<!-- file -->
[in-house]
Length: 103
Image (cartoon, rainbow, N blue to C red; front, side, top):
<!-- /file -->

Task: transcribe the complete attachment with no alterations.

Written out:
[in-house]
Length: 103
Image (cartoon, rainbow, N blue to C red; front, side, top):